First batch of changes in 5779

Several small enhancements are now live:

  1. If you print labels from the member query screen, the first line of the label now shows the individual member name, rather than the family formal name.
  2. On the household/family query screen, you can now query by date resigned, and by reason for resigning.
  3. For the notes/memos–you can now receive an email with your individual tasks that are past due (which appear in red), or due within the next seven days.  Your administrator can determine the timing and frequency of those “push” emails–for example, the system can send the emails at 11 pm, seven days a week; or, if that seems too often, perhaps 5 am Monday through Friday.
  4. Pertaining to Yahrzeits, where some notifications are by Hebrew date, while other notifications are by Gregorian date–a single export button now gives you two tabs.  The first tab matches the top part of the screen; the second tab matches the Gregorian portion of the screen.
  5. When producing a directory, beside each email address is the person’s first name.

In addition, there is one change intended to solve a reported problem that manifests itself as the cryptic message “502 Bad Gateway nginx/1.12.1.”

Audit Trail

ShalomCloud now captures an audit trail of changes and deletions to certain critical portions of data–initially, Yahrzeits, Families, and Individuals.  This video shows how it works:

ShalomCloud Audit Trail from Norman Snyder on Vimeo.

In a nutshell, the audit trail captures when the change occurred, by whom, what changed, a version number, and the content of each changed field both before and after the change.

On deletions, it captures the entire record that was deleted–thus enabling you to re-add a record if it were inadvertently deleted.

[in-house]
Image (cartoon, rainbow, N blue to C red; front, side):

Send Text Messages! (SMS)

Asked for, and now delivered–the ability to send text messages from ShalomCloud.

Apparently text messages reach over 95% of their intended audience, whereas email is doing well to reach 30%.  Therefore, for short, time-sensitive announcements (service time changes, reminders about classes and events), this might be your preferred channel for reaching a selection of congregants quickly and effectively.

ShalomCloud Text Messaging from Norman Snyder on Vimeo.

Labels–Starting Where You Wish

Suppose you’ve printed several labels, and now have a few more to print, for a selected audience.  You’d like to start where you left off, rather than inserting a whole new sheet of labels.

For example, suppose you’ve asked the system for a list of Board members:

starting_labels_screen1

Now, you want to print labels for this audience–and the latest sheet of labels used the first row and the first label of the second row–a total of four labels.

Simply change the starting label number to 5:

starting_label_position_2

The result will be a sheet that looks like this:

starting_label_position_3

Next time printing labels, you’d start with 12.

Email Templates Now Available

Now live and in production–email templates.

  • Format and save email templates, using a familiar-looking toolbar.
  • Not only static content–able to substitute values from family records, individuals’ information, and Yahrzeits.
  • Watch this video (6 m, 13 s) to see how to create a template, and to see how to send emails using the template.